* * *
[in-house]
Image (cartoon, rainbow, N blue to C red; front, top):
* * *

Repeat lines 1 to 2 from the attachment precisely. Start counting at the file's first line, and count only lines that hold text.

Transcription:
[in-house]
Image (cartoon, rainbow, N blue to C red; front, top):